All of this hurry. And yet there’s still time for “Jeopardy!”
“I just love spitting useless knowledge to people, whether they want to hear it or not. And I feel like (going on) ‘Jeopardy!’ would be the peak of useless information. I can’t honestly figure the moment when we all started watching ‘Jeopardy!’ but it’s just a massive family thing,” Appiah, still mourning the passing of iconic host Alex Trebek, tells the Star.
She lives with younger sisters Martha and Evelyn now but when they all return home to Etobicoke, the entire family gets right back into their inhouse game show within a game show. Pencils and paper at the ready for 7:30 p.m., they answer along with the “Jeopardy!” questions. “It’s so fun, but it’s tense and it can be cutthroat,” laughs Appiah, for whom nerdism is a way of life. “I’m just always looking up something. I tend to get on to Wikipedia and go down the rabbit hole a lot. I’ll have like 20 tabs open of just … useless stuff. I’m like, ‘Why am I reading this?’ ”
Wikipedia and, to be fair, “Jeopardy!” do a good job of condensing lives and careers and highlighting the milestones. What would an abridged “early life” section look like for Appiah?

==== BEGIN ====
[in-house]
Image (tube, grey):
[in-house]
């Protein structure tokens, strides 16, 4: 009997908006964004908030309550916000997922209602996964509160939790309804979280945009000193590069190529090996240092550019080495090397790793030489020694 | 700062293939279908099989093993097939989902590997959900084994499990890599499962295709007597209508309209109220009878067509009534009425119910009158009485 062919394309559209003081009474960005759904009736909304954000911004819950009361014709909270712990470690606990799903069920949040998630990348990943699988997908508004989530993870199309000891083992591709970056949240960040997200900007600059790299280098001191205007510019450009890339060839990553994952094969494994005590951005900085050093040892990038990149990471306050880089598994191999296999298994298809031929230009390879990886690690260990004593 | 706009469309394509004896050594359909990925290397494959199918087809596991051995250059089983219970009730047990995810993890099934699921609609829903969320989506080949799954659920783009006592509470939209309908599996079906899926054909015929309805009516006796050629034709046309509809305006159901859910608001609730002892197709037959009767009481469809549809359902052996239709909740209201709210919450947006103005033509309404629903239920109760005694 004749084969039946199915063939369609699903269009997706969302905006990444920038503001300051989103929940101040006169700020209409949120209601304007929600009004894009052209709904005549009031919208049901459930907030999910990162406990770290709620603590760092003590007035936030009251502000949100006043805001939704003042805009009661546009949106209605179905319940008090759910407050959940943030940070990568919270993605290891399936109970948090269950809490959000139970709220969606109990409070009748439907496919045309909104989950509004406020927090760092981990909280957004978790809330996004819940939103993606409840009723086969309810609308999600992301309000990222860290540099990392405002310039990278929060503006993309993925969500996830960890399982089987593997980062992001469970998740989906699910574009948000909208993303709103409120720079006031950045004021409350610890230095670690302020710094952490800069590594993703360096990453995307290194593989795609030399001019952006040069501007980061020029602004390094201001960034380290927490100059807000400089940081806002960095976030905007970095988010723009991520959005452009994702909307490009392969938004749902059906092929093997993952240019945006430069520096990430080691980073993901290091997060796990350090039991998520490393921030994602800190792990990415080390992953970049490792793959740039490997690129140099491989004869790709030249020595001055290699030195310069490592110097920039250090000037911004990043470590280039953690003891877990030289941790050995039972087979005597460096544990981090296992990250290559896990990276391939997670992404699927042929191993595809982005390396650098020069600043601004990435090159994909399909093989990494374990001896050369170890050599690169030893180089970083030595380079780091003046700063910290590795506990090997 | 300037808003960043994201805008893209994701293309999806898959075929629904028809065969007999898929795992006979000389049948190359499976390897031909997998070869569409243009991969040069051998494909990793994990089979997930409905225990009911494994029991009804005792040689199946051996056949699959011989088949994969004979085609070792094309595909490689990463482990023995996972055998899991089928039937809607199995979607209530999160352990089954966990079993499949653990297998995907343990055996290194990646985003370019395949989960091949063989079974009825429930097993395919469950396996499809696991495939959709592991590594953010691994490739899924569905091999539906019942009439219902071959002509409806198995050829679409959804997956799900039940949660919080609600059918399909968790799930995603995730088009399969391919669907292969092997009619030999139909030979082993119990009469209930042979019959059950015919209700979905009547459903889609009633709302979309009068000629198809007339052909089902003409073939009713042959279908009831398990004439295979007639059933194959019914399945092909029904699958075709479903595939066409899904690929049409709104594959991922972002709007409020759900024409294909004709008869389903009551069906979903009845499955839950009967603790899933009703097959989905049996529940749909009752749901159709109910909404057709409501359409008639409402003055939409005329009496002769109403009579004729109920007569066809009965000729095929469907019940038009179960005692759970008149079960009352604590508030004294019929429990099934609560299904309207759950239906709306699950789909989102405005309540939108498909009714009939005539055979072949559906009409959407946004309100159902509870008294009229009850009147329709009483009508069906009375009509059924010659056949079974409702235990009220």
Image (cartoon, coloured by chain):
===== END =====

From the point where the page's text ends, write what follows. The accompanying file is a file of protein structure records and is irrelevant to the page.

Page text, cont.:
The daughter of Ghanaian immigrants, winter sports were almost non-existent in her childhood, ice skating with her older brother the extent of it. “Growing up in a low-income family, you know, the ski trip, snowboarding, even hockey wasn’t really available to us just because of cost,” she says. It’s why representation and accessibility to winter sports matters so deeply to her now.
It wasn’t until she enrolled at York University — where she was, unsurprisingly, studying history (all that trivia) — that Appiah’s interest in the bobsleigh was piqued. Athletically gifted and dedicated, she was excelling in both the hammer throw and shot put. When she turned her attentions to the back of a sled, she adapted and gradually excelled again.
As the 2018 Olympics cycle warmed up, Appiah looked on her way to becoming a highly sought-after brakewoman. She and Humphries had claimed World Cup medals in Whistler and Lake Placid. Her dream of appearing at a Games looked sure to be realized in Pyeongchang.
But two weeks before the 2018 Games opened, the walls suddenly closed in. She was demoted to an alternate with former sprinter Phylicia George partnering Humphries and twotime gold medallist Heather Moyse returning from retirement too.
In a seeringly honest essay for the Canadian Olympic Committee website last month, Appiah described the crushing experience: staying outside the athletes village at a hotel, but entering to join her teammates for training each day. The Olympic dream briefly under her feet by day and yet pulled from under her. She reached for words like “estranged,” “a failure” and “a shadow.” “When I wrote that part down, I just thought for the past three years I’ve had a hard time describing what my experience was like in Korea,” she says. “And then I was just like, I felt like a shadow. Oh my God. That’s exactly how I felt. I was a shadow.”